Bureaucracies are notorious about creating firewalls of protection around the "big enchiladas", while the "minions" at the lower level are highly dispensable. They are easily identified and sacrificed. Those in the higher echelons, more often than not, are given the benefit of doubt, or forgiven in the absence of a "smoking gun".

As a remarkable exercise of damage control, a quick decision was made for National Security Adviser Condoleezza Rice to appear on Arab television. Then, Bush made himself available to al-Hurra - a US-funded television station - and al-Arabiyya - a Saudi one. It was interesting that Bush missed the opportunity, perhaps willfully, to directly apologize to the Arab world about the abuse of Iraqi prisoners. As an afterthought, his press secretary told White House-based journalists that the president was sorry.

Why such a high level campaign of damage control? Does this mean the end of this controversy right here and now? The Bush administration is clearly worried over the fallout from this debacle in the US domestic arena. The American support of war in Iraq is slipping steadily, while worldwide condemnation and Arab anger continue to surge. It is hoped that an indirect presidential apology would soothe the matters on both fronts. At the same time, it is worth noting that Bush has refrained from mentioning the Abu Gharib fiasco during his campaign appearances. Given the fragility of the entire affair for domestic politics, Democratic presidential candidate John Kerry has also refrained from getting stridently critical of Bush.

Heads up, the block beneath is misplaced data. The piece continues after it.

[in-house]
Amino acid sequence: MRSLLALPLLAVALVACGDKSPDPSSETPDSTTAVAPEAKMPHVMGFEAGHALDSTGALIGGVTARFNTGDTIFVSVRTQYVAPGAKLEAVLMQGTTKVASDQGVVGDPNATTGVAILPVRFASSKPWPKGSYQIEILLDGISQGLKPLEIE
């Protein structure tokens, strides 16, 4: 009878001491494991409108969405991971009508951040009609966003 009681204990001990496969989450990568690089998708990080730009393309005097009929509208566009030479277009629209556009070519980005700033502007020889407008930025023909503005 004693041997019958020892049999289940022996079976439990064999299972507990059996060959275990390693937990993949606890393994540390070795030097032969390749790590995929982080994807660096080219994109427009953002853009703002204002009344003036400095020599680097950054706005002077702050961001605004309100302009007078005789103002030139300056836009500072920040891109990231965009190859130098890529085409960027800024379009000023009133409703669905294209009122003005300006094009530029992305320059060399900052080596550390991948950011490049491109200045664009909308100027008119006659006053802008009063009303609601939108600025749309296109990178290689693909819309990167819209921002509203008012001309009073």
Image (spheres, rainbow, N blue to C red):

This is not the end to this controversy by any means. On the civilian side, Rumsfeld's job is in jeopardy. It is possible that even the chairman of Joint Chiefs of Staff, General Dick Meyer, will also be forced to resign, especially since he was so cavalier in his initial response to this debacle. If the US inquiry were to focus inside Iraq, General Ricardo Sanchez's job may still come under jeopardy.

Ehsan Ahrari, PhD, is an Alexandria, Virginia, US-based independent strategic analyst.

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May 7, 2004



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(May 6, '04)

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EDITORIAL